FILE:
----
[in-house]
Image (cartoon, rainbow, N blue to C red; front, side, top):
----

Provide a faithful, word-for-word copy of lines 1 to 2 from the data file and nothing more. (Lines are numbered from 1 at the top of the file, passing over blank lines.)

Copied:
[in-house]
Image (cartoon, rainbow, N blue to C red; front, side, top):